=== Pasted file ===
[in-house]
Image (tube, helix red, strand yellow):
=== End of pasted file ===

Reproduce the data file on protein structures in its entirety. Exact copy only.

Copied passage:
[in-house]
Image (tube, helix red, strand yellow):